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1. Overview

In this tutorial, we’re going to learn how to enable all the endpoints in the Spring Boot Actuator. We’ll start with the necessary Maven dependencies. From there, we’ll look at how to control our endpoints via our properties files. We’ll finish up with an overview of how to secure our endpoints.

There have been several changes between Spring Boot 1.x and Spring Boot 2.x in terms of how actuator endpoints are configured. We’ll note these as they come up.

2. Setup

In order to use the actuator, we need to include the spring-boot-starter-actuator in our Maven configuration:


Additionally, starting with Spring Boot 2.0, we need to include the web starter if we want our endpoints exposed via HTTP:


3. Enabling and Exposing Endpoints

Starting with Spring Boot 2, we have to enable and expose our endpoints. By default, all endpoints but /shutdown are enabled and only /health and /info are exposed. All endpoints are found at /actuator even if we’ve configured a different root context for our application.

That means that once we’ve added the appropriate starters to our Maven configuration, we can access the /health and /info endpoints at http://localhost:8080/actuator/health and http://localhost:8080/actuator/info.

Let’s go to http://localhost:8080/actuator and view a list of available endpoints because the actuator endpoints are HATEOS enabled. We should see /health and /info.


3.1. Exposing All Endpoints

Now, let’s expose all endpoints except /shutdown by modifying our file:


Once we’ve restarted our server and accessed the /actuator endpoint again we should see the other endpoints available with the exception of /shutdown:


3.2. Exposing Specific Endpoints

Some endpoints can expose sensitive data, so let’s learn how to be more find-grained about which endpoints we expose.

The management.endpoints.web.exposure.include property can also take a comma-separated list of endpoints. So, let’s only expose /beans and /loggers:

management.endpoints.web.exposure.include=beans, loggers

In addition to including certain endpoints with a property, we can also exclude endpoints. Let’s expose all the endpoints except /threaddump:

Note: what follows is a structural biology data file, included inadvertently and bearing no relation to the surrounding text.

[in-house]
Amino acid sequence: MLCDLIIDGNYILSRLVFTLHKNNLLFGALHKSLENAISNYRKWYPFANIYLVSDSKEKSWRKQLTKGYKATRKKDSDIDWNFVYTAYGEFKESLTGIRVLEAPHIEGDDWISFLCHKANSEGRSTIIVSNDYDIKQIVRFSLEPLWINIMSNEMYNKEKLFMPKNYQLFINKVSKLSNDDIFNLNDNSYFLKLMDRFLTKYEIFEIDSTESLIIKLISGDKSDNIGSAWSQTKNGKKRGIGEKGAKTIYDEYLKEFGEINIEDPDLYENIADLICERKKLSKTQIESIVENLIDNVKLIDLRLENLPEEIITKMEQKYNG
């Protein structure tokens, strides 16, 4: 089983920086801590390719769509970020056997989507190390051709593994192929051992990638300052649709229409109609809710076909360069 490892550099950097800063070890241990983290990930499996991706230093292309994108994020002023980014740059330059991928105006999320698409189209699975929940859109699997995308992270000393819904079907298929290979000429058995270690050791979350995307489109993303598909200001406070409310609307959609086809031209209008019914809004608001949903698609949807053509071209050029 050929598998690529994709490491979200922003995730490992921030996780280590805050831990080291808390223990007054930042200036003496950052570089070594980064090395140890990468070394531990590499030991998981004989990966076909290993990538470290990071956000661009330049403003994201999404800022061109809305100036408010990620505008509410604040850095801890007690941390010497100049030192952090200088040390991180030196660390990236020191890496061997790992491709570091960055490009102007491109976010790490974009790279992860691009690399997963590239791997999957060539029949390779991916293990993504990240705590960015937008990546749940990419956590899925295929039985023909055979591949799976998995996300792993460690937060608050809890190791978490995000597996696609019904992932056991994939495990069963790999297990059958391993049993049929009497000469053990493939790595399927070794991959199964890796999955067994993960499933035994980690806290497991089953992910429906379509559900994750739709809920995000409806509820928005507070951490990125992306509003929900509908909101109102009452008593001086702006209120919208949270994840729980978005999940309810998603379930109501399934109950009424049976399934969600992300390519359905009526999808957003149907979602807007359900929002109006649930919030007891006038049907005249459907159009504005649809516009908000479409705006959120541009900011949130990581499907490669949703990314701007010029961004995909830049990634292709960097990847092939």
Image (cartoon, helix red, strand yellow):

Both the include and exclude properties take a list of endpoints. The exclude property takes precedence over include.

3.3. Enabling Specific Endpoints

Next, let’s learn how we can get more fine-grained about which endpoints we have enabled.

First, we need to turn off the default that enables all the endpoints:


Next, let’s enable and expose only the /health endpoint:

With this configuration, we can access only the /health endpoint.

3.4. Enabling Shutdown

Because of its sensitive nature, the /shutdown endpoint is disabled by default.

Let’s enable it now by adding a line to our file:


Now when we query the /actuator endpoint, we should see it listed. The /shutdown endpoint only accepts POST requests, so let’s shut down our application gracefully:

curl -X POST http://localhost:8080/actuator/shutdown

4. Securing Endpoints

In a real-world application, we’re most likely going to have security on our application. With that in mind, let’s secure our actuator endpoints.

First, let’s add security to our application by adding the security starter Maven dependency:


For the most basic security, that’s all we have to do. Just by adding the security starter, we’ve automatically applied basic authentication to all exposed endpoints except /info and /health.

Now, let’s customize our security to restrict the /actuator endpoints to an ADMIN role.

Let’s start by excluding the default security configuration:

@SpringBootApplication(exclude = { 

Let’s note the ManagementWebSecurityAutoConfiguration.class because this will let us apply our own security configuration to the /actuator.

Over in our configuration class, let’s configure a couple of users and roles, so we have an ADMIN role to work with:

public InMemoryUserDetailsManager userDetailsService() {
    UserDetails user =  User.withDefaultPasswordEncoder()
    UserDetails admin =  User.withDefaultPasswordEncoder()
        .roles("USER", "ADMIN")
    return new InMemoryUserDetailsManager(user, admin);

SpringBoot provides us with a convenient request matcher to use for our actuator endpoints.

Let’s use it to lockdown our /actuator to only the ADMIN role:

http.authorizeHttpRequests(authz -> {

5. Conclusion

In this tutorial, we learned how Spring Boot configures the actuator by default. After that, we customized which endpoints were enabled, disabled, and exposed in our file. Because Spring Boot configures the /shutdown endpoint differently by default, we learned how to enable it separately.

After learning the basics, we then learned how to configure actuator security.

As always, the example code is available over on GitHub.

Course – LS – All

Get started with Spring and Spring Boot, through the Learn Spring course:

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